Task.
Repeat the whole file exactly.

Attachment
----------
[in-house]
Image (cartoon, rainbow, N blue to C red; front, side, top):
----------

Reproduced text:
[in-house]
Image (cartoon, rainbow, N blue to C red; front, side, top):